Juvenile xanthogranuloma of the oral cavity in children: A clinicopathologic study


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Abstract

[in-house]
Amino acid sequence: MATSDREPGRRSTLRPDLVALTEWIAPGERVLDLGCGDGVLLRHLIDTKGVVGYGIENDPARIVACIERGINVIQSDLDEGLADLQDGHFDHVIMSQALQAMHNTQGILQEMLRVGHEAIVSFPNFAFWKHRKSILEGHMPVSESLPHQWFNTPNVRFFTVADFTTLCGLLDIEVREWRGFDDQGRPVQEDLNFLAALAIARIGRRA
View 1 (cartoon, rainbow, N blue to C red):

Purpose.This clinicopathologic study describes the histopathologic, immunocytochemical, and electron microscopic features of oral juvenile xanthogranuloma (JXG) in children.Design.The study population consisted of 5 children (5 months to 10 years of age) with biopsy-proven JXGs obtained for consultation.Results.Lesion sites were gingiva, buccal mucosa, and tongue and were decribed by the clinicians as (1) irritation fibroma; (2) granulation tissue; (3) pedunculated granular nodule; (4) papilloma-like lesion; and (5) brown-red umbilicated papule. Tissue was available for histopathologic (n = 5), immunocytochemical (n = 5), and ultrastructural (n = 3) studies. Three cases showed early JXG lesions possessing abundant histiocytes, but lacking Touton giant cells. The other 2 cases had classic JXG lesions with vacuolated histiocytes and Touton giant cells. Immunocytochemical findings were (1) CD68 (KP1, PGM1), moderate to diffuse; (2) fascin, moderate to diffuse; (3) factor XIIIa, focal to diffuse; (4) α-1-antitrypsin, moderate to diffuse; (5) S-100 protein, focal to diffuse; and (6) CD1a, negative in all cases. Ultrastructural examination displayed histiocytic and dendritic cells lacking pentalaminar structures (Birbeck granules).Conclusion.JXGs of the oral cavity vary in their clinical and histopathologic appearances and necessitate that Langerhans' cell disease (LCD) be excluded. JXG and Langerhans' cell disease may occur concurrently, before or after each other, in some children.

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